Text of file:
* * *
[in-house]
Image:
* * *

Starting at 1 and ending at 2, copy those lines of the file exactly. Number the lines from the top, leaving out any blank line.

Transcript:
[in-house]
Image: